Sunday, August 6, 2017

[San Diego County] San Diego boosts qualifications for Ethics Commission members

Blog note: this article states that the San Diego City Council’s action was in response to a grand jury report.
San Diego is boosting the qualifications for membership on its Ethics Commission, a seven-member watchdog panel that enforces the city’s laws covering campaign finance, lobbying and governmental ethics.
The City Council this week approved four changes that aim to boost the experience and expertise of the commission’s members, who are nominated by the mayor and then approved by the City Council.
And a fifth change with the same goal is scheduled for council consideration in September.
The council on Monday increased from two to three the minimum number of attorneys that must serve on the panel, and increased from one to two the minimum number of people who must have held elective office, run for office or worked on a campaign.
The council also amended the commission’s rules to say that “priority consideration” will be given to nominees familiar with campaign finance laws, government ethics, lobbying laws and conflict-of-interest regulations.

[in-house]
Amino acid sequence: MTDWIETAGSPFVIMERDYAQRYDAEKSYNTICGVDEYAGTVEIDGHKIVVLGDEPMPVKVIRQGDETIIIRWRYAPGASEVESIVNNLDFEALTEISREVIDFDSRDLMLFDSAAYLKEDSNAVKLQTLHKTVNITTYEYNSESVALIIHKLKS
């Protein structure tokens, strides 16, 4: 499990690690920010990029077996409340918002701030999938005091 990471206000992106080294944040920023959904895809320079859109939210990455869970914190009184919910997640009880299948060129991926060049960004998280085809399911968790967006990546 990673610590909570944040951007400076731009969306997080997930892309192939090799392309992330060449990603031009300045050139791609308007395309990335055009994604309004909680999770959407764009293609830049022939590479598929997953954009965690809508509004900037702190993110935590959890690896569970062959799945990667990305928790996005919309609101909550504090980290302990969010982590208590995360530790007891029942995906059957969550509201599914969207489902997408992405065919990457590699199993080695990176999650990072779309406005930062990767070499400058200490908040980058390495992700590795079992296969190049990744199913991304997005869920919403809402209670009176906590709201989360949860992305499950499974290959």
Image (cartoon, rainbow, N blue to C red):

In addition, the council clarified that rules prohibiting commission members from seeking elective office in the city of San Diego don’t extend to seeking other local offices, such as county supervisor or the state Legislature.
In September, the council is scheduled to consider amending a rule that prohibits anyone who ran for office against a current member of the council from being appointed to the commission. The rule also applies to people who worked on the campaigns of candidates who ran against current council members.
Councilman David Alvarez recommended that rule be softened to barring such people for five years after they ran for office against a current incumbent.
The goal is widening the pool of highly qualified candidates. The rule is in place to avoid conflicts of interest for commissioners, or the appearance of a potential conflict of interest.
Barret Tetlow, Councilman Scott Sherman’s chief of staff, said it’s possible the recommendation presented to the council in September will be for some other time limit than five years, explaining that a rationale for a specific number of years must be explored.
Tetlow said other major cities in California, including Los Angeles and San Francisco, don’t require members of their ethics commissions to abide by such waiting periods.
The changes, which were spearheaded by Sherman and Alvarez, are in response to a County Grand Jury report that recommended changes to the commission’s membership and other policies.
August 1, 2017
The San Diego Union Tribune
By David Garrick

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